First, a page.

Only 54pc of broadband subscriptions in Ireland measure up to what can now be internationally defined as broadband, according to new figures released by Ireland’s telecoms watchdog ComReg.
Almost a year ago, the Federal Communications Commission, the US telecoms regulator seen as a global barometer on telecoms matters, ruled that anything below 25Mbps can no longer be defined as broadband. The redefinition in January 2015 effectively tripled the number of US households without broadband and sent out a clarion call to telcos and regulators around the world who would prefer to have glossed up their broadband figures.
The latest figures from ComReg for the third quarter of 2015 found that approximately 54.2pc of all fixed broadband subscriptions were equal to or greater than 30Mbps.
This is nevertheless an improvement as it is up from 43.2pc a year ago.
ComReg found that in the third quarter of 2015, 67.3pc of all fixed broadband subscriptions were greater than 10Mbps, up from 61.8pc last year.
Overall, fixed broadband subscriptions in Ireland were up 4.4pc on last year and stood at 1.29m.
This puts broadband penetration (including mobile) at 80pc, just ahead of the EU average of 78pc.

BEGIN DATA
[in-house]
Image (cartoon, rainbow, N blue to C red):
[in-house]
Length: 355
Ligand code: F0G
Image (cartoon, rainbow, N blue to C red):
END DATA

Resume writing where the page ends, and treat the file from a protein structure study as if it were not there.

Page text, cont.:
The death of text, the rise of selfies
Irish people are using their landlines less and less, with the number of fixed voice subscriptions falling by 0.5pc to 1.49m.
Fixed voice traffic declined by 7pc compared to mobile voice traffic, which rose by 4.3pc.
Just as many mobile operators feared, the rise of over-the-top (OTT) services like Facebook Messenger, WhatsApp and Snapchat are eating into traditional text traffic.
The total number of text messages sent by mobile users in Ireland during the third quarter was over 1.64bn, down 10.2pc on last year.
Interestingly, the number of multimedia messages (MMS) sent was up by 2.4pc on last year.
ComReg reported that 21pc of all mobile subscribers actively used 4G and data usage continues to grow.
Average revenue per user (ARPU) generated by mobile was €25.10 per month, down from €25.40 last year.
ComReg attributed this to the rise of bundled services like triple and quad play as well as reductions in roaming charges.
High-speed broadband image via Shutterstock